Tom Zachary

Jonathan Thompson Walton Zachary (May 7, 1896 in Graham, North Carolina – January 24, 1969 in Burlington, North Carolina) was a professional baseball pitcher.

Tom Zachary
Tom Zachary
Born: May 7, 1896
Graham, North Carolina
Died: January 24, 1969 (aged 72)
Burlington, North Carolina
Batted: Left Threw: Left
MLB debut
July 11, 1918, for the Philadelphia Athletics
Last MLB appearance
May 28, 1936, for the Philadelphia Phillies
MLB statistics
Win–loss record186–191
Earned run average3.73
Career highlights and awards

MLB Records:

  • 12-0 perfect season in 1929


He had a 19-year career in Major League Baseball that lasted from 1918 to 1936. He played for the Philadelphia A's, Washington Senators, St. Louis Browns, New York Yankees of the American League and the Boston Braves, Brooklyn Dodgers and Philadelphia Phillies of the National League.

Zachary is well known for giving up Babe Ruth's record-setting 60th home run in 1927. Then the next year, pitching for Ruth's team, the New York Yankees, he won the third game of the World Series, defeating the St. Louis Cardinals.

1933 Goudey baseball card of Tom Zachary

Zachary went 12–0 for the 1929 Yankees, which is still the major league record for most pitching wins without a loss in one season.[1]


  1. ^ Baseball Reference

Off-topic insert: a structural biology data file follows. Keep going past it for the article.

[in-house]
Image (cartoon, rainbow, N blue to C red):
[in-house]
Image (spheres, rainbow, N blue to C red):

External links

1924 New York Giants season

The 1924 New York Giants season was the franchise's 42nd season. The team finished first in the National League with a record of 93–60, winning the NL pennant for the fourth consecutive season, a record that still stands, as of 2016. They went on to the World Series, losing to the Washington Senators in seven games.

1924 Washington Senators season

The 1924 Washington Senators won 92 games, lost 62, and finished in first place in the American League. Fueled by the excitement of winning their first AL pennant, the Senators won the World Series in dramatic fashion, a 12-inning game 7 victory.

1924 World Series

In the 1924 World Series, the Washington Senators beat the New York Giants in seven games. The Giants became the first team to play in four consecutive World Series, winning in 1921–1922 and losing in 1923–1924. Their long-time manager, John McGraw, made his ninth and final World Series appearance in 1924. The contest concluded with the second World Series-deciding game which ran to extra innings (the first had occurred in 1912). Later, the Senators would reorganize as the Minnesota Twins, again winning the World Series in a game which ran to extra innings in 1991.

Walter Johnson, after pitching his first 20-victory season (23) since 1919, was making his first World Series appearance, at the age of 36, while nearing the end of his career with the Senators. He lost his two starts, but the Senators battled back to force a Game 7, giving Johnson a chance to redeem himself when he came on in relief in that game. Johnson held on to get the win and give Washington its first and only championship. The seventh game is widely considered to be one of the most dramatic games in Series history.

Johnson struck out twelve Giants batters in Game 1 in a losing cause. Although that total matched Ed Walsh's number in the 1906 World Series, it came in twelve innings. Johnson only struck out nine in the first nine innings.